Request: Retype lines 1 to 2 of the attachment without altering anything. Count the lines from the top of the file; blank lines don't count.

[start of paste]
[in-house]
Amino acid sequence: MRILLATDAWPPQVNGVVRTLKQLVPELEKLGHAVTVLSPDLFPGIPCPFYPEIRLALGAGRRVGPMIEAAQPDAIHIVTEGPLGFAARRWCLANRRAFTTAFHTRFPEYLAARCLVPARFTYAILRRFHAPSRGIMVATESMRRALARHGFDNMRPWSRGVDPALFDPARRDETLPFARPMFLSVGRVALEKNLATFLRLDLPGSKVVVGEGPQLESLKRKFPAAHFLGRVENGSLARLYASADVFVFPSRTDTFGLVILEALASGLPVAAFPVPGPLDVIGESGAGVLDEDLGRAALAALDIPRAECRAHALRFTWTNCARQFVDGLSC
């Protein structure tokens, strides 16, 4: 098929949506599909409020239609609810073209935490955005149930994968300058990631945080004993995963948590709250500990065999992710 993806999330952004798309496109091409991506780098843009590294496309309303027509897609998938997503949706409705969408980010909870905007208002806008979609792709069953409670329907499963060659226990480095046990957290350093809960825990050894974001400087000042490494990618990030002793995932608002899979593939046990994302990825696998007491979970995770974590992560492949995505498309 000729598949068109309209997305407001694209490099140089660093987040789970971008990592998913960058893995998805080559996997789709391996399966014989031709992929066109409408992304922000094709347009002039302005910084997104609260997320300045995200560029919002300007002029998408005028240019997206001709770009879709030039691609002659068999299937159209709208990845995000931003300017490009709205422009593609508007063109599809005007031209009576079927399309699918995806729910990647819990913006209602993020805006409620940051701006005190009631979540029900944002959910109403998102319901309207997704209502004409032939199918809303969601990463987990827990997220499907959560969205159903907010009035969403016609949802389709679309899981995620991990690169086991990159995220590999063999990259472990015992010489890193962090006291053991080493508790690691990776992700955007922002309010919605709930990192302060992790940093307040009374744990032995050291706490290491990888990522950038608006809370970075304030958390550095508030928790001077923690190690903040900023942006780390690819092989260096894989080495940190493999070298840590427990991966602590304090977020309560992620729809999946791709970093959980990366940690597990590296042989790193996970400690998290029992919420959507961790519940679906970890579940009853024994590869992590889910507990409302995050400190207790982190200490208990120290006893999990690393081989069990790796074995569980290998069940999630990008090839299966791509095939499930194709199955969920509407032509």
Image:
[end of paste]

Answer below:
[in-house]
Amino acid sequence: MRILLATDAWPPQVNGVVRTLKQLVPELEKLGHAVTVLSPDLFPGIPCPFYPEIRLALGAGRRVGPMIEAAQPDAIHIVTEGPLGFAARRWCLANRRAFTTAFHTRFPEYLAARCLVPARFTYAILRRFHAPSRGIMVATESMRRALARHGFDNMRPWSRGVDPALFDPARRDETLPFARPMFLSVGRVALEKNLATFLRLDLPGSKVVVGEGPQLESLKRKFPAAHFLGRVENGSLARLYASADVFVFPSRTDTFGLVILEALASGLPVAAFPVPGPLDVIGESGAGVLDEDLGRAALAALDIPRAECRAHALRFTWTNCARQFVDGLSC